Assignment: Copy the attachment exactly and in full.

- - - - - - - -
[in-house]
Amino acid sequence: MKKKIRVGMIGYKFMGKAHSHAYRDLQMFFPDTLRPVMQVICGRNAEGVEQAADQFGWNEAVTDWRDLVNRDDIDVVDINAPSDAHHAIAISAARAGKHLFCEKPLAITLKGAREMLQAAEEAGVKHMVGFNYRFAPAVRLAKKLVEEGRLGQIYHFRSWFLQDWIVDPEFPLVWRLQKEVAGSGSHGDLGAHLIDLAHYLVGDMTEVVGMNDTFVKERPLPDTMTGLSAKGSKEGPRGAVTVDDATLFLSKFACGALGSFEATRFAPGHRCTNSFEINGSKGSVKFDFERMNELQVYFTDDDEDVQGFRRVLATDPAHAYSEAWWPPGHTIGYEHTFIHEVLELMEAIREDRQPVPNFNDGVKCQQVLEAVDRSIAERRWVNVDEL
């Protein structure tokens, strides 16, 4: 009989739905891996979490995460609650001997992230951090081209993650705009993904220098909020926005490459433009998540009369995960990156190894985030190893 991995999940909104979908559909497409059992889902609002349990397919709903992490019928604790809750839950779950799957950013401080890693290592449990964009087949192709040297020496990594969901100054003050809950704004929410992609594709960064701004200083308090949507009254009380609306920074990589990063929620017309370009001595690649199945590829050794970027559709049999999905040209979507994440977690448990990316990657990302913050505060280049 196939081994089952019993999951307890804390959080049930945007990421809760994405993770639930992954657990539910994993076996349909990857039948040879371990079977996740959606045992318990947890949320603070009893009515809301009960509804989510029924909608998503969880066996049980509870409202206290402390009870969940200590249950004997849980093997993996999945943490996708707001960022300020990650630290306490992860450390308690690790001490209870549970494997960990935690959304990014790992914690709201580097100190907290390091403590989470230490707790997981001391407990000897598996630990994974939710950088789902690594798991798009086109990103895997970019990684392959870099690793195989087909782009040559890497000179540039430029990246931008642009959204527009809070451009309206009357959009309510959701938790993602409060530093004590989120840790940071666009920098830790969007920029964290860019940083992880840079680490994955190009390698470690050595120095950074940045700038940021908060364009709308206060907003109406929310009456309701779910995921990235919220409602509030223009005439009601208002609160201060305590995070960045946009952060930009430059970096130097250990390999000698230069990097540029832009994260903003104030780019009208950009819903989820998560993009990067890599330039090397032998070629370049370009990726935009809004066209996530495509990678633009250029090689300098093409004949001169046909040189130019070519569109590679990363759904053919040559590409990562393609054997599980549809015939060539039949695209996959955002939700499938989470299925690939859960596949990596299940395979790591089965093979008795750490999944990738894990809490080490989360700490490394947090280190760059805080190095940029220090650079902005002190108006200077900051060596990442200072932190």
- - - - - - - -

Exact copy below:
[in-house]
Amino acid sequence: MKKKIRVGMIGYKFMGKAHSHAYRDLQMFFPDTLRPVMQVICGRNAEGVEQAADQFGWNEAVTDWRDLVNRDDIDVVDINAPSDAHHAIAISAARAGKHLFCEKPLAITLKGAREMLQAAEEAGVKHMVGFNYRFAPAVRLAKKLVEEGRLGQIYHFRSWFLQDWIVDPEFPLVWRLQKEVAGSGSHGDLGAHLIDLAHYLVGDMTEVVGMNDTFVKERPLPDTMTGLSAKGSKEGPRGAVTVDDATLFLSKFACGALGSFEATRFAPGHRCTNSFEINGSKGSVKFDFERMNELQVYFTDDDEDVQGFRRVLATDPAHAYSEAWWPPGHTIGYEHTFIHEVLELMEAIREDRQPVPNFNDGVKCQQVLEAVDRSIAERRWVNVDEL
């Protein structure tokens, strides 16, 4: 009989739905891996979490995460609650001997992230951090081209993650705009993904220098909020926005490459433009998540009369995960990156190894985030190893 991995999940909104979908559909497409059992889902609002349990397919709903992490019928604790809750839950779950799957950013401080890693290592449990964009087949192709040297020496990594969901100054003050809950704004929410992609594709960064701004200083308090949507009254009380609306920074990589990063929620017309370009001595690649199945590829050794970027559709049999999905040209979507994440977690448990990316990657990302913050505060280049 196939081994089952019993999951307890804390959080049930945007990421809760994405993770639930992954657990539910994993076996349909990857039948040879371990079977996740959606045992318990947890949320603070009893009515809301009960509804989510029924909608998503969880066996049980509870409202206290402390009870969940200590249950004997849980093997993996999945943490996708707001960022300020990650630290306490992860450390308690690790001490209870549970494997960990935690959304990014790992914690709201580097100190907290390091403590989470230490707790997981001391407990000897598996630990994974939710950088789902690594798991798009086109990103895997970019990684392959870099690793195989087909782009040559890497000179540039430029990246931008642009959204527009809070451009309206009357959009309510959701938790993602409060530093004590989120840790940071666009920098830790969007920029964290860019940083992880840079680490994955190009390698470690050595120095950074940045700038940021908060364009709308206060907003109406929310009456309701779910995921990235919220409602509030223009005439009601208002609160201060305590995070960045946009952060930009430059970096130097250990390999000698230069990097540029832009994260903003104030780019009208950009819903989820998560993009990067890599330039090397032998070629370049370009990726935009809004066209996530495509990678633009250029090689300098093409004949001169046909040189130019070519569109590679990363759904053919040559590409990562393609054997599980549809015939060539039949695209996959955002939700499938989470299925690939859960596949990596299940395979790591089965093979008795750490999944990738894990809490080490989360700490490394947090280190760059805080190095940029220090650079902005002190108006200077900051060596990442200072932190």